Mention of gender mechanisms brings me to the issue of representation and, while I don’t want to dwell very long on this as it will be well covered elsewhere today, I share others’ concerns that the numbers of women MSPs fell back in 2007 and is in danger of doing so again in 2011. The SNP certainly bears some responsibility for that. It is something that women activists in the party are very aware of and there are lively discussions taking place about how, as a party, we can make sure that women are strongly represented in our 2011 intake of MSPs. I know that it’s a matter of concern for all the Scottish parties and I think women MSPs can and should seek to work together across party boundaries in the interests of gender balance.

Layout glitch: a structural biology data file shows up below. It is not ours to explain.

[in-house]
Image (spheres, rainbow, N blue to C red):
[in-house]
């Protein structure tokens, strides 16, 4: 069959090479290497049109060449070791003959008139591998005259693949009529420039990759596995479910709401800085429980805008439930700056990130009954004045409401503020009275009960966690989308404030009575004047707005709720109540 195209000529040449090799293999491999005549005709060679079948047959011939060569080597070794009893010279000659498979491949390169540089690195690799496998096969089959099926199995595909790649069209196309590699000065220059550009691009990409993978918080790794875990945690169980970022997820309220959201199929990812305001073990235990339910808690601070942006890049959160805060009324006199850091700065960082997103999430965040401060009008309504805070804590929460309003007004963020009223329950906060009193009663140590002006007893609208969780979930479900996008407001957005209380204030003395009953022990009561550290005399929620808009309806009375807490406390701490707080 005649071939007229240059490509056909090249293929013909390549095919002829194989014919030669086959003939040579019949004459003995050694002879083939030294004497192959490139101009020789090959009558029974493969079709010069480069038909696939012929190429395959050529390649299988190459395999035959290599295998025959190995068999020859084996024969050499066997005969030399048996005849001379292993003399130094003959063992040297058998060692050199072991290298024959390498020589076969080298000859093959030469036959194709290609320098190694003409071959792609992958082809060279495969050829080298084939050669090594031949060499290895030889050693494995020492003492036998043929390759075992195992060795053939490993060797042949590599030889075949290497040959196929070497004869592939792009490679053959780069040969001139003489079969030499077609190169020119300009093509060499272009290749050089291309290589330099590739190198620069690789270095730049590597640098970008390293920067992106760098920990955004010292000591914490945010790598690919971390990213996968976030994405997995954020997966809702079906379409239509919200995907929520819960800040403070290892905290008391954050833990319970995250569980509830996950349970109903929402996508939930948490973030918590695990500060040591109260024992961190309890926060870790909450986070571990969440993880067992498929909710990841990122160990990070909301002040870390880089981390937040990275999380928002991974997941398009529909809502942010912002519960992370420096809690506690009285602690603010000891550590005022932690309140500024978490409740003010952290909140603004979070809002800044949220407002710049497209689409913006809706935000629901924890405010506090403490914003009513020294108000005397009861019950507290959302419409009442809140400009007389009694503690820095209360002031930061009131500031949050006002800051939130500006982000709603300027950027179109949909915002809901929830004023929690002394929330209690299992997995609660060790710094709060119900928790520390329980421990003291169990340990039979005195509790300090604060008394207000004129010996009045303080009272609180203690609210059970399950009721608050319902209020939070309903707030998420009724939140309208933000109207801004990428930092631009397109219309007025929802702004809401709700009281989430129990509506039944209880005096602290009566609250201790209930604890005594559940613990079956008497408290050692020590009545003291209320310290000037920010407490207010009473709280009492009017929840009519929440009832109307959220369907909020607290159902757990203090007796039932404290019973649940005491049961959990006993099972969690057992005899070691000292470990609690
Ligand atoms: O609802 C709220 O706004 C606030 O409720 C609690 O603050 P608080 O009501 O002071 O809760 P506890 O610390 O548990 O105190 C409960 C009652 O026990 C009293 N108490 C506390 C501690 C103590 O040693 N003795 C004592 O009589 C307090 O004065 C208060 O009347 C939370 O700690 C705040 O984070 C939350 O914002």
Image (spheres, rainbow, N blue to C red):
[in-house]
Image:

Having said that, it is clear that the debate about gender representation has changed since1999. Firstly, because it has been matched and in my view overtaken in urgency by the issue of ethnic minority representation. It remains a source of great sadness and concern that, in the eleven years of devolution, only one Asian Scot has been elected as an MSP. This is a subject that deserves a conference of its own, but I will say that I strongly believe that it is no longer enough for any of us who stand for equality to campaign exclusively for representation of just one group or another. As the writer Gary Younge observed recently, representative democracies that exclude significant sections of the population are not worthy of the adjective. Scotland’s Parliament should represent Scotland’s people in every respect and the campaign for equality must now reflect that and recognise that the continuum of inequality and prejudice as it operates in Scottish politics applies to more than gender, whether it focuses on formal mechanisms or on informal ways of supporting and encouraging individuals from under-represented groups in society within our political parties and wider political system,